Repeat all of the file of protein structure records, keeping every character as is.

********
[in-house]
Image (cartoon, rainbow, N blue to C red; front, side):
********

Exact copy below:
[in-house]
Image (cartoon, rainbow, N blue to C red; front, side):